East Roman Pharos Interior Wall, Dover Castle, Kent, United Kingdom

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John Latter on November 18, 2007

The internal east wall of the East Roman Pharos which stands in the grounds of Dover's 12th Century Norman Castle adjacent to the Saxon church of St Mary-in-Castro.

This image may partially explain the reason why some sources say the remains of the Pharos consists of four Roman stages surmounted by a medieval addition (eg Dover Museum's "Roman Pharos" webpage) while others state there are only three Roman levels plus the medieval one (eg English Heritage - see 'Standard Info' below):

The arch at the bottom of this photo is the top of the east entrance to the Pharos with the west wall of St Mary-in-Castro's nave visible through it. Above the archway are three further Roman openings followed by a medieval level with an opening offset to the left (the Roman 'brickwork' is distinctively different to that of the medieval).

This photo of the external south wall of the Pharos, on the other hand, shows the south entrance, only two further Roman levels, and then the medieval level. I'll have a closer look the next time I'm up there - check later 'Comments'.

The photo of the nave wall of St Mary-in-Castro taken looking through the lower half of the Pharos' east entrance (ie from the same vantage point as the above image) states "There is a great deal of other detailed evidence to indicate both church tower and nave began life as part of a Roman fortress" and has this quotation from "The History of the Castle, Town and Port of Dover" by Reverend S. P. H. Statham, Rector of St Mary-in-the-Castle (Longmans, Green, and Co., 1899):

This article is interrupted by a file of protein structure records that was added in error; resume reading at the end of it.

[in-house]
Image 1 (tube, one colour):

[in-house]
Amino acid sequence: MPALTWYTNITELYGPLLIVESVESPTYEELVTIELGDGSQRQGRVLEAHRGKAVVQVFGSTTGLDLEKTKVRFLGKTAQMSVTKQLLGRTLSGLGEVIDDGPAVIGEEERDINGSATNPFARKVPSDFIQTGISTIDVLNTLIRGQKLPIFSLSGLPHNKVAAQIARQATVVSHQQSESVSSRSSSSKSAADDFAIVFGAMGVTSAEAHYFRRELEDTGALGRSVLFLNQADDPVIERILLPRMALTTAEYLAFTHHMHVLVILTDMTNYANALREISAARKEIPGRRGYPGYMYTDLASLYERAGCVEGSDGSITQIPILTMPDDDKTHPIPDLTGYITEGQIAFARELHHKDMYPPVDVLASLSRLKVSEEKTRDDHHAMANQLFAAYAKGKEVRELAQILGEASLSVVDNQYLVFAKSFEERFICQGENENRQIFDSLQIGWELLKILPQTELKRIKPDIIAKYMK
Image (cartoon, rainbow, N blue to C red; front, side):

With very little hesitation we suggest that the [Roman] fortress when first constructed consisted of [St Mary-in-Castro's] tower, nave and Pharos. From an examination of these buildings we find that an arched passage existed on the ground floor between the Pharos and nave, the remains of the arch are still clearly visible, whilst, beneath the surface of the ground, the solid concrete foundations for the connecting walls remain intact. [Page 228]

Statham then goes on to say:

It is quite clear, from the existence of a second series of openings some sixteen feet above the ground level, that a first floor existed in the Pharos. It is remarkable that what Sir Gilbert Scott [1] very rightly describes as the "doorway" in the west wall of the nave corresponds exactly, so far as height and width and level above the ground are concerned, with the opposite opening in the Pharos. There is no doubt that a passage across the top of the arched approach beneath provided an easy means of communication between the two buildings at this point.


Ascending again some sixteen feet in the Pharos another storey was reached, well defined by three windows , on the north, west and south sides, as well as by another opening towards the church. The west wall of the nave is pierced at this point by two openings, with brick capitals, which seem to be of a later date, and probably superseded the original single opening. A floor or connecting gallery must have existed in the nave at this level, as we find a wide door pierced in the west wall of the tower, which was evidently meant to connect it with the nave and Pharos. No attempt has hitherto been made, so far as we know, to explain the presence of these various openings on the same level in the east and west walls of the nave and Pharos, they could not have been made for ornament, and were presumably made for use. To what use could they be put except their natural one as a means of egress and ingress ?

[1] Sir George Gilbert Scott (13 July 1811 – 27 March 1878) was an English architect of the Victorian Age, chiefly associated with the design, building and renovation of churches, cathedrals and workhouses. He was commisioned to restore St Mary-in-Castro in 1860 and Canon John Puckle, who had received permission from the then Secretary of State for War to do so, made an independent examination of the building during the progress of the work. Quotations from "The Church and Fortress of Dover Castle" (published 1864) by Canon John Puckle accompany some of the other photos on this website.